Updated: Oct 25, 2022
Creating things has always been a part of my life. As a child my parents were always making, building, and growing the things we needed in our lives. There was never a feeling that we couldn't do something if we put our minds to it. Often my father would walk in on a project being created by my mother and "us kids” and say "You should hand out a shingle" meaning we should go into business.
Becoming a potter came to me in stages. I started out as a secretary, but it seemed no matter where I worked I kept running into clay. I had my first clay experience when I was working for Penn State University and took an evening class in pottery. I then moved to Tacoma, Washington and was working for the US Army and, again, there on base was a clay class. I moved to Greeley, Colorado and was working for the University of Northern Colorado and took evening clay classes at a local community arts center and at the community college. I worked and lived near the Fine Arts building on campus and my husband says I spent a lot of time looking in the basement window of the pottery department. It was then that I took the step of quitting my job and enrolling full time in the university to become a potter. That was 1975 and I never regret the change I made. Pottery has given me the opportunity to be self-employed and independent. It also has enabled me to express a "part of myself through my work."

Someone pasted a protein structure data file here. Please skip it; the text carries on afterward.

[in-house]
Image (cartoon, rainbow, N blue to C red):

My functional stoneware line comes from my love of cooking, which of course comes from my love of eating. My designs and forms are also influenced by my interest in gardening. Being a potter and a gardener is a very happy fit for me. Over my years of potting some of my forms and ideas come from the people who buy my pots. I love to listen to people tell me how they use my pots and what their needs are, I then can create new forms from these conversations.